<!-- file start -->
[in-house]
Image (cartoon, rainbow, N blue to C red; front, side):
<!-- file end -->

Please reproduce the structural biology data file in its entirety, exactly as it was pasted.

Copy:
[in-house]
Image (cartoon, rainbow, N blue to C red; front, side):